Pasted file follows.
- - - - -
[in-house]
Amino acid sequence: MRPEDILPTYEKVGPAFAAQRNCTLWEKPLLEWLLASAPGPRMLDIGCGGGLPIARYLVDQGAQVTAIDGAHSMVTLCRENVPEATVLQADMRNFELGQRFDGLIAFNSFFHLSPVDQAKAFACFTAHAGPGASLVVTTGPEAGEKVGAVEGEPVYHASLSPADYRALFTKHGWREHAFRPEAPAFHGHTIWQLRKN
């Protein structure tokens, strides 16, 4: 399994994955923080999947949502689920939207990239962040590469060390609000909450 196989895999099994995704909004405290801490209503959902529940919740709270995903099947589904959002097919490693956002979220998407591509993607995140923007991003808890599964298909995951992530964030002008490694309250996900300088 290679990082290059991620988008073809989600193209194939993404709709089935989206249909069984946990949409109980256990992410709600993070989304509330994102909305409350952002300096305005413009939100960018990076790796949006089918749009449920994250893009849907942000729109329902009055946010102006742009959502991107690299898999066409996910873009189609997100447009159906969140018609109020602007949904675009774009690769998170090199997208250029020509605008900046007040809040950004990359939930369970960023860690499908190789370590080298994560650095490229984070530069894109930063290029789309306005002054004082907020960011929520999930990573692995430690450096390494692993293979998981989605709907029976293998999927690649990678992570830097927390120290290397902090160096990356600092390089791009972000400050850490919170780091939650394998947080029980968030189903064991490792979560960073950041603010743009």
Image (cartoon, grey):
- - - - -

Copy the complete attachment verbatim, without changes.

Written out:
[in-house]
Amino acid sequence: MRPEDILPTYEKVGPAFAAQRNCTLWEKPLLEWLLASAPGPRMLDIGCGGGLPIARYLVDQGAQVTAIDGAHSMVTLCRENVPEATVLQADMRNFELGQRFDGLIAFNSFFHLSPVDQAKAFACFTAHAGPGASLVVTTGPEAGEKVGAVEGEPVYHASLSPADYRALFTKHGWREHAFRPEAPAFHGHTIWQLRKN
């Protein structure tokens, strides 16, 4: 399994994955923080999947949502689920939207990239962040590469060390609000909450 196989895999099994995704909004405290801490209503959902529940919740709270995903099947589904959002097919490693956002979220998407591509993607995140923007991003808890599964298909995951992530964030002008490694309250996900300088 290679990082290059991620988008073809989600193209194939993404709709089935989206249909069984946990949409109980256990992410709600993070989304509330994102909305409350952002300096305005413009939100960018990076790796949006089918749009449920994250893009849907942000729109329902009055946010102006742009959502991107690299898999066409996910873009189609997100447009159906969140018609109020602007949904675009774009690769998170090199997208250029020509605008900046007040809040950004990359939930369970960023860690499908190789370590080298994560650095490229984070530069894109930063290029789309306005002054004082907020960011929520999930990573692995430690450096390494692993293979998981989605709907029976293998999927690649990678992570830097927390120290290397902090160096990356600092390089791009972000400050850490919170780091939650394998947080029980968030189903064991490792979560960073950041603010743009």
Image (cartoon, grey):